Logistic is one of the most useful regression algorithm, and in this post, I will talk about the algorithm, its optimization method, its implementation and the comparison between logistic regression and PLA (perceptron learning algorithm)
Simple Linear Regression
Method
First let’s see simple linear regression. The formula is:
$$Y = X * \beta$$
Where $Y$, $X$ are all matrix here. I incorporate the intercept into this formula by adding a $(1, 1, …., 1)^T$ column at the left most part of matrix $X$. So the $X$ here is a augmented matrix, and the column from 2 to the end is the variables it will use.
Of course, we can use as many variables as we want, for instance, we can have interaction terms like $X_1X_2$.
Implementation
Here is the matlab code that implements this simple algorithm.


Logistic regression
Method
While simple linear regression can produce the predicted value, sometimes we do not need the actual result. We only need to separate the predicted value into two categories, which is a binary classfication problem.
To achieve, we need a simple transformation, which transforms our value to a new value that falls in [0,1] accurately:
$$y = \frac{1}{1+e^{xw}}$$
This is called the sigmoid function, and it satisfies our requirement. So suppose our new value Y already falls into [0,1], then we need to calculate the required w. But the question is, how to calculate the exact value of w, like what we have done in the previouly method, simple linear regression?
It turns out that it is not that easy to calculate the value of w explicitly. So we need to use the optimization method to approximate it.
Optimization
There are many optimization method that can be applied to this problem. Here I use one of the most widely used one, gradient descent.
The gradient descent algorithm will converge to the local optimal point from all dimension simultaneously. This is different from the coordinate descent, which converges to the local optimal point one dimension at a time. Regarding this, we also need to provide a learning rate, that can be used to control the speed to the optimal point. It too high, it will jump over the local optimal point, if too small, we need to do so many times of calculation.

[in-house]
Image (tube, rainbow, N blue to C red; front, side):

The formula for gradient descent is:
$$ \mathbf{w} = \mathbf{w}  \alpha * \frac{\partial RSS}{\partial \mathbf{w}} $$
RSS is defined as:
$$ RSS = \frac{1}{2}(\mathbf{y}  sigmoid(\mathbf{X}))^T(\mathbf{y}  sigmoid(\mathbf{X})) $$
In logistic regression, if we take RSS as a convex function, we can redefine it as:
$$
\begin{align}
RSS &= A + B \\
A &=  \mathbf{y} * log(sigmoid(\mathbf{X}\mathbf{w})) \\
B &=  (1  \mathbf{y}) * log(1  sigmoid(\mathbf{X}\mathbf{w}))
\end{align}
$$
The first part is the error for $y$ = 1, while the second part is for $y$ = 0.
By applying conditional likelihood on this formulas (proof omitted here), we have:
$$ \mathbf{w} = \mathbf{w}  \alpha * (\mathbf{y}  sigmoid(\mathbf{X}\mathbf{w}))^T\mathbf{X} $$
Where $\alpha$ is learning rate.
There are two thresholds to stop this optimization. One is, we can define a finite number of times, say 2000 times, then after that the algorithm will stop automatically. Or, we can set the format of RSS or cost function, if the error rate reduced for the cost function is small enough, we will stop either.
Implementation


Comparison between logistic regression and PLA
When looking at this formula:
$$ \mathbf{w} = \mathbf{w}  \alpha * (\mathbf{y}  sigmoid(\mathbf{X}\mathbf{w}))^T\mathbf{X} $$
It reminds us of the previous PLA algorithm. The difference is, first, the learning rate is 1, and second, there is only $(\mathbf{y}  \mathbf{\hat{y}})^T\mathbf{X}$, instead of $(\mathbf{y}  sigmoid(\mathbf{X}\mathbf{w}))^T\mathbf{X}$, and the only difference is, in PLA, the predicted result is either 0 or 1, but in logistic regression, the result can be any value in [0,1], and we set a threshold to determine which category it belongs to (usually 0.5 as the threshold).